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March 23, 2014
19:34 EDTNFLX, TAT&T responds to Netflix's Hastings, says 'there is no free lunch'
On Friday afternoon, Jim Cicconi, AT&T's (T) senior vice president for external and legislative affairs, responded to Netflix (NFLX) Chief Executive Reed Hastings blog post. On AT&T's Public Policy Blog Jim Cicconi said: "I saw Reed Hasting’s blog yesterday from Netflix asserting in rather dramatic fashion (with diagrams) that ISPs should build facilities (he said provide, but those facilities have to be built) to accept all of Netflix’s content – indeed all of the content on the Internet – without charge. Failure to do so, according to Mr. Hastings, was a violation of “strong net neutrality rules” and bad public policy. I thought it might be helpful to unpack those assertions so we could get right down to the core of Netflix’s rather radical proposition — that people who don’t subscribe to Netflix should nonetheless pay for Netflix. Here are some undisputed facts upon which everyone should agree...First, let’s all accept the fact that the advent of streaming video is driving bandwidth consumption by consumers to record levels. Increased bandwidth consumption and faster broadband networks like our Gigapower service in Austin, Texas (and soon Dallas) are requiring all service providers to drive more fiber into their networks to create the capacity necessary to deliver those services to consumers, whether the service providers are delivering a wireless or a wireline product...Second, we should accept that companies must build additional capacity to handle this traffic. If Netflix was delivering, for example, 10 Terabytes of data in 2012 and increased demand causes them to deliver 20 Terabytes of data in 2013, they will have to build, or hire someone to build, the capacity necessary to handle that increased volume of traffic...Third, if Netflix is delivering that increased volume of traffic to, say, AT&T, we should accept the fact that AT&T must be ready to build additional ports and transport capacity to accept the new volume of capacity as a consequence of Netflix’s good business fortune. And I think we can all accept the fact that business service costs are ultimately borne by consumers...As we all know, there is no free lunch, and there’s also no cost-free delivery of streaming movies. Someone has to pay that cost. Mr. Hastings’ arrogant proposition is that everyone else should pay but Netflix. That may be a nice deal if he can get it. But it’s not how the Internet, or telecommunication for that matter, has ever worked." Reference Link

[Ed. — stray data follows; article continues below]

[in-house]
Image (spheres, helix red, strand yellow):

News For T;NFLX From The Last 14 Days
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March 18, 2015
06:16 EDTTAmerican Express to launch Plenti loyalty program this spring, WSJ reports
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06:01 EDTNFLXStocks with implied volatility above IV index mean; BBRY NFLX
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March 17, 2015
16:00 EDTNFLXOptions Update; March 17, 2015
iPath S&P 500 VIX Short-Term Futures down 11c to 27.30. Option volume leaders: AAPL RIG MGM HTZ TWTR TSLA CY KO NFLX C according to Track Data.
13:06 EDTNFLXBattleground: Analysts take opposite sides on Netflix
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11:23 EDTNFLXApple willing to share TV data to attract programming partners, NY Post reports
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10:26 EDTNFLXOptions with increasing implied volatility
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09:34 EDTNFLXActive equity options trading on open